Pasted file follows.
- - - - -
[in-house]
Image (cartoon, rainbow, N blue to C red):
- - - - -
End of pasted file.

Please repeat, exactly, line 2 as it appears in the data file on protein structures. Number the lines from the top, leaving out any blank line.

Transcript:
Image (cartoon, rainbow, N blue to C red):